Mr. Hammond has to be aware that the courts of Ghana have upheld the right to information even without the statute being in place. All that the draft Bill seeks to do is to set down the mechanics and processes for interested persons to obtain information without having to go to court in each instance. The current ‘default’ position where almost all public information is treated as a state secret or as falling under public interest privilege unless the person seeking the information goes to court, is backward, unacceptable, unconstitutional and undemocratic.

Our Article 21(1)(f) on the right of citizens to information is arguably one of the most progressive in the world. Thus while the United States Supreme Court has held in the US, there no constitutional right of access to government information or sources of information within the government’s control, our constitutional provision on the right to information and its interpretation and enforcement by our Supreme Court are more forward-looking and more liberal. That is why our Supreme Court has affirmed “the right of all persons to information, as expressed in Article 21(1)(f) of the Constitution,” adding that the “right to information implies a right to access public document.” The same Court has described attempts to withhold information from citizens as “reprehensible” and “a wilful violation of the Constitution.”

OccupyGhana® is calling on the public to exert even more pressure on government and parliament to pass this law. We must not accept the status quo and the excuses coming from parliament on this nearly 20 year delay.

Yours in the service of occupying minds for God and Country


OccupyGhana® Presents Immediate Solutions For Reducing The Carnage On Tetteh Quarshie-Adenta Highway (N4)

OccupyGhana® Presents Immediate Solutions For Reducing The Carnage On Tetteh Quarshie-Adenta Highway (N4)

9th November, 2018



OccupyGhana® is alarmed at the spate of pedestrian deaths on the Tetteh Quarshie-Adenta Highway (N4) in Accra due primarily to the unavailability of safe crossing facilities on the road. The latest accident in which a first-year female student of West Africa Senior High School (WASS) was reported to have been killed becomes the 194th reported death on the Madina-Adentan Highway this year.

OccupyGhana® joins the nation in grieving with the bereaved families of the deceased.

The incident, which caused angry residents to set ablaze car tyres to register their protest to the government, is deeply regrettable and would have been avoidable had government been proactive in arresting the situation sooner.

OccupyGhana® is surprised that after 11 years of the construction of the highway, none of the footbridges have been completed. This has made it unsafe for pedestrians to cross the multiple-lane highway. It is expected that footbridges, which form the integral safety of pedestrians, must be constructed before the commissioning of any highway.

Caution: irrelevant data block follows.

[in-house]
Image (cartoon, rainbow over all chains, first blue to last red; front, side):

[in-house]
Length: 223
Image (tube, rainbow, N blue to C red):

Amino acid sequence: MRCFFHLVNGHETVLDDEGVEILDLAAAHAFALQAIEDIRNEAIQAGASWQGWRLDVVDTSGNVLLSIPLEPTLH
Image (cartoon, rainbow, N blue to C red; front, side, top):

OccupyGhana® is disappointed in the slow reaction of the Ministry of Transportation, Ministry of Roads and Highways, and the Ghana Highways Authority to handling this issue, thus causing the reported loss of 194 lives. These authorities have failed to take the required safety measures to save the lives of innocent Ghanaians who must cross the roads in the conduct of their everyday business.

Although we acknowledge government’s statement in dealing with the situation, and find it unforgivingly belated, we assure the government that we will hold them to it.

In addition to the measures proposed by government, OccupyGhana® calls for the following immediate measures to be implemented in curbing the carnage on the Tetteh Quarshie-Adenta Highway (N4):

1. Specific speed limits should be imposed and enforced on that stretch of road;

2. Rumble strips should be constructed on the long stretch of road beginning from the University of Ghana to the Pantang end of the highway to reduce the unnecessary speeding of drivers;

3. Government should replace all faulty traffic lights with modern, solar-powered lights and provide extra traffic lights with toucan crossing system to allow free flow of traffic;

4. Public education must be extended to the public on safe crossing of the highways, by the National Road Safety Commission;

5. Officials of the MTTD of the Ghana Police must be on duty at all times to control the traffic situation till all works are completed on the repair and installation of the traffic lights and rumble streets;

6. Government must provide adequate road signs and markings along this stretch, fix reflectors on the kerbs and designate and mark crosswalks where pedestrians have priority over vehicular traffic;

7. Government should fix all streetlights along the corridor and ensure they are properly maintained; and

8. Enforce our traffic laws!

OccupyGhana® is concerned about road safety measures on other highways, most especially the N1 highway that is claiming a lot of lives. Government should apply these same measures on the N1 highway.

Yours in the service of occupying minds for God and Country